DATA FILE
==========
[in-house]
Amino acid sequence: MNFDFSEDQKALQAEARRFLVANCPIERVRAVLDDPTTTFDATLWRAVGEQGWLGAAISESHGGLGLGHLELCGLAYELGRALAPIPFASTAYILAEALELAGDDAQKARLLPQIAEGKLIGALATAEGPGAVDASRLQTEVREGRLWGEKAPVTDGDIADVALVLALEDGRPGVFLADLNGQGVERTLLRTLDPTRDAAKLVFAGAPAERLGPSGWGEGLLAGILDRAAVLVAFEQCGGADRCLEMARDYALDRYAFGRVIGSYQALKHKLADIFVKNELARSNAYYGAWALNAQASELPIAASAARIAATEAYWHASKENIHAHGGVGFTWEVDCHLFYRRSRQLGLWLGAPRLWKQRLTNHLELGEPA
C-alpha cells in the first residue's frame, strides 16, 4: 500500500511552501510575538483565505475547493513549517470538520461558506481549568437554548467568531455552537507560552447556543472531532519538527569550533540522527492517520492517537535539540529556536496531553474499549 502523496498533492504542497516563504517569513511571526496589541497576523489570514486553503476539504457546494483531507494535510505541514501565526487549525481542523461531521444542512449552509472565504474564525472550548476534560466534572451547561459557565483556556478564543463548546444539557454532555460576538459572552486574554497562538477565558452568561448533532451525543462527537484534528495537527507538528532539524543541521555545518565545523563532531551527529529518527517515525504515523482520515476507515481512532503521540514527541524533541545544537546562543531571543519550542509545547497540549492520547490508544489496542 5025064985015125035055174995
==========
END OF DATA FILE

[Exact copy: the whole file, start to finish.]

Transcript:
[in-house]
Amino acid sequence: MNFDFSEDQKALQAEARRFLVANCPIERVRAVLDDPTTTFDATLWRAVGEQGWLGAAISESHGGLGLGHLELCGLAYELGRALAPIPFASTAYILAEALELAGDDAQKARLLPQIAEGKLIGALATAEGPGAVDASRLQTEVREGRLWGEKAPVTDGDIADVALVLALEDGRPGVFLADLNGQGVERTLLRTLDPTRDAAKLVFAGAPAERLGPSGWGEGLLAGILDRAAVLVAFEQCGGADRCLEMARDYALDRYAFGRVIGSYQALKHKLADIFVKNELARSNAYYGAWALNAQASELPIAASAARIAATEAYWHASKENIHAHGGVGFTWEVDCHLFYRRSRQLGLWLGAPRLWKQRLTNHLELGEPA
C-alpha cells in the first residue's frame, strides 16, 4: 500500500511552501510575538483565505475547493513549517470538520461558506481549568437554548467568531455552537507560552447556543472531532519538527569550533540522527492517520492517537535539540529556536496531553474499549 502523496498533492504542497516563504517569513511571526496589541497576523489570514486553503476539504457546494483531507494535510505541514501565526487549525481542523461531521444542512449552509472565504474564525472550548476534560466534572451547561459557565483556556478564543463548546444539557454532555460576538459572552486574554497562538477565558452568561448533532451525543462527537484534528495537527507538528532539524543541521555545518565545523563532531551527529529518527517515525504515523482520515476507515481512532503521540514527541524533541545544537546562543531571543519550542509545547497540549492520547490508544489496542 5025064985015125035055174995